Basically they are made to replace long irons and benefit golfers by having fairway wood like characteristics. Lower center of gravity, hotter faces, larger heads, more forgiveness. They are designed to launch higher than a typical long iron but lower than a 7 wood. Some irons are more "driving iron" like (Callaway Apex Utility) others are similar to fairway woods (Bobby Jones, TaylorMade M2) and others are in between (PING G, Callaway Apex, TaylorMade M1).

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16 minutes ago, mvmac said:

They (hybrids) are designed to launch higher than a typical long iron but lower than a 7 wood.

This is a key point. My 4H almost bumps into my 7W in yardage, but each has a different trajectory and uses. 7W really blasts the ball out of medium rough, while 4H can deliver a low hot draw when needed (er, usually). Both are versatile when hit off a tee box.  

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(edited)

@mvmac Although my OP was somewhat rhetorical and what you point out is definitely the case, I was alluding to the wide disparity in the make up of these clubs. The Bobby Jones Hybrids, especially this years model "Black", to me looks nearly identical to the higher lofted fairway woods albeit there are subtle differences.  As @WUTiger points out in his response, they have been around for a long time and have improved greatly. The technology today in explanation gives us a good scientific description as to what effects as center of gravity, hotter faces, as pointed out by you and others have on their performance. I was looking at two in my bag, one being the Calloway Diablo Edge 4H ,the other the newly acquired Bobby Jones. they are quite different in appearance. For me, the Bobby Jones is much easier to hit consistently well.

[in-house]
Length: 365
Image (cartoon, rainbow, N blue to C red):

9 minutes ago, WUTiger said:

This is a key point. My 4H almost bumps into my 7W in yardage, but each has a different trajectory and uses. 7W really blasts the ball out of medium rough, while 4H can deliver a low hot draw when needed (er, usually). Both are versatile when hit off a tee box.  

Yes, that too...I carry a Ben Hogan Speed Slot 5W and I use it frequently on longer approaches in lieu of the metal 3W. I just feel more confident with it, and I prefer a smaller head size. Some argue that the larger heads are more forgiving, while that is true, I would also argue that with the smaller head size, there is less margin for error, you either learn to hit it well, or miss altogether (slight exaggeration).